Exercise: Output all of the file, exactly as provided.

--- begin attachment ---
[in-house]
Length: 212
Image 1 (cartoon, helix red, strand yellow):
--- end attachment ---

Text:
[in-house]
Length: 212
Image 1 (cartoon, helix red, strand yellow):